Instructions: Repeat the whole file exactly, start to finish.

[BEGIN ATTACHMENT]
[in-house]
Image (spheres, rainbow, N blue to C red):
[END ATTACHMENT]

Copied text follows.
[in-house]
Image (spheres, rainbow, N blue to C red):